Why is College so Expensive?

44 million Americans collectively owe $1.5 trillion in student debt, a 457% increase since 2003. 

Since 1991, tuition has increased by more than 300%, according to the US Department of Labor’s “tuition and school fees” component of the Consumer Price Index. Tuition isn’t rising because professor pay has increased. Instruction costs accounted for only 28% of cost increases from 2000 to 2010. Faculty salaries have not risen proportionally to these tuition increases.

Why is the cost of college rising so fast?

Two theories named (1) Baumol’s Cost Disease and (2) the Bowen Effect account for the rising cost of a college education.

(Editor’s note: I want to remind you that college education is outside my circle of competence. Please take everything with a grain of salt. I am a curious outsider, perplexed by the rising costs of college. If you have a different perspective, I want to hear it).

Baumol’s Cost Disease

Baumol’s Cost Disease explains why some sectors of the economy become more productive while others stagnate. William Baumol’s original study, published in 1966, covered the performing arts sector. He found that, compared with the 19th century, orchestras require the same number of musicians to play a Beethoven string quartet. In the meantime, the real wages of musicians had skyrocketed.

Arts institutions had to increase their wages in order to attract the best musicians. Due to cost increases, the productivity, defined as the effectiveness of productive effort measured by the rate of output per unit of input, had fallen since the 19th century. In productive industries, firms increase their productivity each year. When they do, they get more bang for their buck. But in some industries, particularly labor-intensive ones such as the symphony, productivity doesn’t increase as fast.

In short, higher education has a volume problem. Each year, universities hire more and more administrative staff. As a result, overhead, administration, and tuition costs have exploded. The university system is a tangled, redundant, inefficient cobweb.

Figure 1: Expenditures for academic functions and faculty salaries have not increased as fast as tuition prices. Source:  Alex Danco.

Figure 1: Expenditures for academic functions and faculty salaries have not increased as fast as tuition prices. Source: Alex Danco.

The Bowen Rule

The Bowen Rule’s influence on rising education prices is twice as strong as Baumol’s Cost Disease. Writing in 1980, Howard Bowen, the president of Grinnell College argued that non-profit universities will spend everything they have. If you increase their revenue, their costs will go up too. This creates a revenue-to-cost spiral: higher revenues lead to higher costs, and higher costs lead to higher revenues.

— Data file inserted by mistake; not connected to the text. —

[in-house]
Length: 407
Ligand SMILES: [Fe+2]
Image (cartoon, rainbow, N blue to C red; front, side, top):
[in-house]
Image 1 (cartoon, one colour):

Bowen wrote:

“Administrators have an incentive to spend every dollar that is available. They cannot spend more without appearing incompetent, but spending less would forgo the opportunity to make some members of their constituencies happier. Whatever is available is spent. … Revenues are the lid on expenditures during each period. Since existing resources are frozen in place, the resources required for the new initiatives that arise each year can only come from new revenues. Some of these new initiatives will be driven by competition; most will be the pet projects of faculty, administrators, or board members.

In business, new initiatives are chosen on the basis of their expected return. In higher education, priorities are determined by internal politics.

Because all the revenues are spent each year, costs typically increase as a result of these initiatives. If money is given to faculty to start a new program, for instance, that additional money will be expected in the next academic year as well.”

The Bowen Rule, also known as the “revenue theory of cost” is governed by five rules:

  1. The dominant goals of institutions are educational excellence, prestige, and influence.

  2. There is virtually no limit to the amount of money an institution could spend for seemingly fruitful educational ends.

  3. Each institution raises all the money it can.

  4. Each institution spends all it raises.

  5. The cumulative effect of the preceding four laws is toward ever increasing expenditure.

Even when universities raise money, they don’t have an incentive to save it. If they raise more than they need. It is hard for prospective students to judge the quality of an undergraduate degree. Students only purchase the degree once, so universities don’t worry much about satisfying repeat visitors. Many equate a university’s sticker price with the quality of an education, causing colleges to spend as much as possible per student, which drives prices up. When they’re applying for university, students can’t gauge the quality of an education. To be sure, actual tuition hasn’t increased as much as posted tuition fees. But the effects are still dire.

The Incentives

Limited by imperfect information, students favor the schools with the best reputations. To maximize prestige, colleges invest in peripheral, reputation-building assets such as rock climbing walls, movie theaters, and dorm rooms that are fancier than the local Hyatt hotel. As a university’s reputation increases, so does the inflow of grants, donations, and research contracts. As long as money is available, it will be spent. As long as it’s spent, total costs will increase, thereby causing costs to skyrocket.

That’s why tuition costs are rising so fast.


Special thanks to Alex Danco, whose post on college education inspired me to investigate these ideas for myself.